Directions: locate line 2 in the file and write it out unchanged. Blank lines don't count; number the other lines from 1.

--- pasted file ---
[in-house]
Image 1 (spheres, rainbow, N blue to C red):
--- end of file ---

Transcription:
Image 1 (spheres, rainbow, N blue to C red):